Sunday, August 30, 2009

Sabbath in Pamplona

Made it to Pamplona -- with all connections intact. And there were a lot of them, none of which I had control over. Planes arrived on time (more or less!); Lisa met me at the busy airport in Madrid -- only a few minutes after I got through customs. We found our way on the wonderful Metro system to Atocha train station. We surveyed one very crowded place to buy tickets, but then made our way over to one that sold "same day" tickets -- far less crowded. Arrived in Pamplona as scheduled, and we found our hotel just inside the old walled city, only a kilometer away. Our room faces west, the way we head tomorrow.

I look out the window a lot, observing the wind turbines that the map shows us we will pass, looking at the mountain (that´s certainly what it looks like from here!) that we´ll climb (The Hill of Penance, it´s called) wondering what Pamplona will look like from the top. I´ve studied the maps, noting where all the fountains will be located. From what I can tell, we´ll need them. I´ve tried to figure out how far we might get and where we´ll lay our heads. We´ll have to make a lot of connections tomorrow.

Finally, we´ll have no more control over making them than we did yesterday.

How to prepare? I suppose we should repack; I suppose we should wash clothes; I know we should get a good rest tonight. But do you want to know how we did prepare today? We slept late. We rested. We wandered around. We walked the old city, visited its churches, checked out the neighborhoods, had lunch then ice cream.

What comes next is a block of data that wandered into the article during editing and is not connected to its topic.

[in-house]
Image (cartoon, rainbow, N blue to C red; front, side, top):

In effect, we took sabbath. The right way to begin pilgrimage.

Pamplona, by the way, has walled cities within walled cities. There are three neighborhoods -- and they didn´t get along. The Basques didn´t get along with the Franks. Who didn´t get along with the Navarrans. Who didn´t get along with the Basques. Each neighborhood had its own saints, its own church, its own craftspeople; they all fought constantly. The three neighborhood churches look like fortresses -- and they were! At some point in the Middle Ages, the neighborhoods built walls around their boroughs. All the while, Pamplona itself remains one of the most fabulous fortified cities in Spain, and people came from all over Europe to take notes.

Walls within walls. Maybe the medieval pilgrims had the right idea: the best way to deal with walls is to find the gates.

And simply pass through them. We´ll do that tomorrow, leaving the historically beleaguered Pamplona behind. We´ll wave from the mountain.

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